Let's start with the "satire". The movie's big joke is that actors like Rogen, Franco, and Jonah Hill play exaggerated versions of themselves--that audiences will finally get to see these stars have fun with the personas that everyone thinks they have in real life. First, this assumes that everyone who sees the film will A) know who these people are, B) share the same pop perception of them, and C) care.

Like the Shrek films, This is the End is a purely of-the-moment entertainment that will, I imagine, be a puzzlement to new viewers ten years from now. Ghostbusters didn't rely solely on people's knowledge of Bill Murray's wiseguy act from TV and movies; the actor collaborated with the writers and director to not only carry a major motion picture, but also make it into a sci-fi/comedy treasure. Will anyone remember James Franco's alleged eccentricities past This is the End's theatrical run? Why would they, when the movie that claims to make fun of he and his friends often forgets to do so?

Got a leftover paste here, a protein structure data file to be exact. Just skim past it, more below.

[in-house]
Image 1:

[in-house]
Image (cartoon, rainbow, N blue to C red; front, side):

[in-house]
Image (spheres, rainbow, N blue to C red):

Yes, the premise falls apart less than ten minutes in, when we, the suckers, realize that the actors are simply playing versions of every other character they've played in every other thing they've done (or, in Franco's case, every other Judd Apatow-produced picture he's done). Rogen is the affable, guttural best friend; Baruchel is the wimp with the Eugene-Levy-on-helium voice; Danny McBride is the foul-mouthed, redneck asshole; Craig Robinson is the token, mean-looking black guy who scares easily. Only Hill gets a genuine tweak, playing an oddly nice guy here--but even that's in service of a gag that is never fully realized. If This is the End is a spoof of vain, barely performing actors, then so is almost every other film on this gang's IMDb credits list.

The movie's second big problem is that eighty percent of this lame rapture story takes place inside Franco's house. For an hour and twenty-seven minutes, I endured extended improv about which angry guy could cum the hardest; tired, Three's Company-style misunderstandings about raping Emma Watson (whose English accent, by the way, sounds oddly like a bad American actress trying very hard to be British); and a bizarre sub-plot about busting through the floor to get to the basement (maybe I missed the part where a cave-in took out the stairs?). This drawn out in-joke is like watching a Real World marathon where all the housemates are challenged to re-enact Ocean's Twelve.